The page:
Note: The main function is already implemented.

    IMPORTANT! To make the puzzle even more fun: you may not use any integer value other than 0. A statement temp.x = 0; is allowed, the statement temp.x = 7; is not.

    Note: We realize that there are an unbounded number of "correct" solutions. Your code must compile and should achieve the call stack state using as few C statements as possible. However, you will not be penalized if your solution does not use the smallest number of statements that can achieve this task.

    =========================
    twice_the_difference:
      temp:
        .x: 7
        .y: 3
      p1: addr_1
      p2: addr_2
      return address: main:???
    =========================
    main:
      first_pos [addr_1]:
        .x: 10
        .y: 5
      second_pos [addr_2]:
        .x: 14
        .y: 6
      return address: OS
    =========================
    

GOLD QUESTION (no collaboration allowed)

[10 marks correctness (hand marked)]
  1. In this question, you will manually determine the contents of the call stack at three different points (Point A, Point B and Point C) in the execution of the following C program. You will submit a plain text file using the representation discussed above. Please clearly separate the answers for each part of this question with a label (such as "Point A"), and a line of asterisks (*) above and below the answer. For example, something like the following:

    ************Point A************
    (your answer to what the stack looks like at point A)
    ************Point B************
    ...

    Note:Write your answer in the file stack_frame.txt

    Mountain View


GOLD QUESTION (no collaboration allowed)

[30 marks correctness] [??? marks style]

Question 4: Student records

In this question, you will write a student module to help the Math Faculty keep track of the progress of their students.

A skeleton declaration of struct student has been declared in the file student.h. You should use the id field that is already there but you should add additional fields to implement the required functions.

You can not store in the student structure the grades of each course taken (by using a Sequence or an array). You may only store summary statistics. You should be careful to collect the correct statistics to ensure that your functions will return the correct results.

IMPORTANT! A description each function you must provide can be found in the provided student.h interface.

The MARMOSET basic (public) tests will use the provided simple test client test-student.c. It is highly recommended that you test your module more exhaustively before making them available to the Faculty (by submitting them to marmoset).


Question 5: Mutable Sequence ADT in C

Recall from Section 02 that a Sequence is a Collection ADT that can store an arbitrary number of items.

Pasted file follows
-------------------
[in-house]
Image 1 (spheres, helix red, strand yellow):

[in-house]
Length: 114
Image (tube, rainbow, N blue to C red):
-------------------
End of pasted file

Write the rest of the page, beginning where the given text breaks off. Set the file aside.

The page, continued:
We are not yet at the point where we can write our own complete ADTs in C. However, we can now use an ADT as a client.

We have provided an implementation of a Sequence ADT that can store int values. The interface for the ADT is provided in sequence.h and provides all the standard functions one would expect from a Sequence ADT.

We have provided the file extra-testseq.c that provides of an example of how a Sequence can be used.

You are required to write a module seq-tools that provides functions for working with sequences.

IMPORTANT! A description each function you must provide can be found in the provided seq-tools.h interface. Only the function names are listed below.

We have provided a testing framework (the seqio module) and a testing client test-seqtools.c, along with a README.TXT that describes how you can write your own .in and .expect files.

For this question, the MAMOSET basic tests ("public" tests) will be the same as the simple test files provided.

Mixed BLACK & GOLD Question

In this question you will be writing a module with both BLACK and GOLD questions. Be very careful when collaborating on BLACK questions to avoid disclosing any details of your GOLD solutions.

BLACK QUESTION (moderate collaboration is allowed)

[5 marks correctness] [??? marks style]
  1. void Sequence_add_one(struct Sequence *seq)
  2. struct Sequence *Sequence_build(int n)
  3. void Sequence_map(int (*fp)(int), struct Sequence *seq)

GOLD QUESTION (no collaboration allowed)

[25 marks correctness] [??? marks style]
  1. bool Sequence_equal(const struct Sequence *seq1, const struct Sequence *seq2)
  2. void Sequence_add_sum(struct Sequence *seq)
  3. void avg_and_variance(const struct Sequence *seq, int *avg, int *var)
  4. struct Sequence *Sequence_fib(int n)
  5. struct Sequence *Sequence_collatz(int n)
  6. void Sequence_filter(bool (*fp)(int), struct Sequence *seq)
  7. int Sequence_foldl(int (*fp)(int, int), int base, const struct Sequence *seq)

GOLD QUESTION (no collaboration allowed)

BONUS [5 marks]
  1. void Sequence_reverse(struct Sequence *seq)